$\def\conf{\mathtt{conf}} \def\cov{\mathtt{cov}} \def\Int{\mathbb{Z}} \def\Real{\mathbb{R}} \def\Comp{\mathbb{C}} \def\ZN{\Int_N} \def\one{{\mathbf 1}} \def\attr{{\mathfrak{a}}} \def\U{{\mathcal U}} \def\Ed{{\mathcal E}} \def\Rd{{\Real}^d} \def\cN{{\mathbf N}} \def\OO{{\mathcal O}} \def\DD{{\mathcal D}} \def\HH{{\mathcal H}} \def\NN{{\mathcal N}} \def\VV{{\mathcal V}} \def\domain{{\mathcal{B}}} \def\ii{{\mathbf i}} \def\T{{\mathbb T}} \def\S{{\mathbb S}} \def\mod{{\mathit mod}} \def\Cycle{{\mathbf \sigma}} \def\prob{{\mathbb P}} \def\ex{{\mathbb E}} \def\codim{{\mathit{codim}}} \def\paths{{\mathcal P}} \def\sens{{\mathcal S}} \def\measurements{{\mathcal E}} \def\indep{{\mathcal I}} \def\conf{\mathcal{C}} \def\bx{\mathbf{x}} \def\array{\mathbb{A}} \def\plex{\mathbf{P}} \def\nodes{\mathbf{N}} \def\image{\mathtt{Im}\,} \def\ker{\mathtt{Ker}\,} \def\ph{\mathbf{P}H} \def\bbr{\mathtt{Br}} \def\bm{\mathtt{B}} \def\bmv{\bm^v} \def\phpp{\mathbf{b}} \def\dimph{\mathrm{dim}_{\ph}} \def\class{\mathcal{F}} $

persistent homology of Brownian motions



yuliy baryshnikov, UIUC


with support of afosr

Introduction

Talk will be dealing with topology of random functions. Random functions enter data analysis as the distance functions to the sample. Gaussian random functions are the key model for the null-hypothesis in many algorithms of image analysis.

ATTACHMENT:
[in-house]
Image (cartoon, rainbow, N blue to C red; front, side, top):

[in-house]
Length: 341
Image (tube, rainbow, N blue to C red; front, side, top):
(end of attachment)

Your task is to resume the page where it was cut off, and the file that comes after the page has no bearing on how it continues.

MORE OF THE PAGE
More generally, understanding the topology of random sets seems to be the necessary step beyond analysis the random sets.

In all the cases, one studies the excursion sets $M_c=\{f\leq c\}, f\in C(\Real^D), c\in\Real$.

Example: point clouds

To determine the topology of a point cloud $X\in \Real^D$ one thickens the points, or, equivalently, considers the excursion sets of the distance to $X$. The hope (often justified, see Niyogi-Smale-Weinberger) is that if $X$ is a (slightly) noisy sample from a submanifold $N\subset \Real^D$, the union of the balls around points of $X$ would have the same topology as $N$.

Example: Gaussian random fields

The real life data (MRI scans, WMAP, ...) are inherently noisy, and the statistical analysis always requires understanding the null-hypothesis: that what is observed is merely noise (say, a Gaussian random field). Hence the necessity to understand the topology of the Gaussian random fields, a well tended field (see Adler-Taylor's corpus of works).
brownian bridge
brownian bridge

Topology of noisy functions: persistence

Typically, whichever level one chooses, the excursion set has a lot of noise: small components, small holes, handles, etc. Changing the level removes them, but introduces new ones. One needs the features that are there for a long time, that persist. Hence the persistence kicks in. One defines the persistent homology $\ph_k(a,b)$ as $$ \image H_a^b, \,\mathrm{where}\, H_a^b:H_k(M_a)\to H_k(M_b), a\lt b $$ is the image of the action of the natural inclusion $i(a,b):M_a\to M_b$ on homologies (which here are assumed to be over a field $k$).

Barcodes and persistance diagrams

Persistence allows one to record the birth and death of homologic classes. Long living ones represent important features. Short living one represent noise. One uses either barcodes or persistence diagrams to represent these data.
per_dia

persistence diagrams

For a random function, it seems that the natural object to study is the ($k$-th)-persistence point process $\phpp_k$ placing a dot of multiplicity $\mu$ (i.e. $\mu \delta_{(x,y)}$) on the $k$-th sheet of persistence diagram if the rank of $\ph_k(x,y)=\mu$.